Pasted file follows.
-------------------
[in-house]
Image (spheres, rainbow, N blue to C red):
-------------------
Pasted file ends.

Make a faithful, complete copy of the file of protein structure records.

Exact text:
[in-house]
Image (spheres, rainbow, N blue to C red):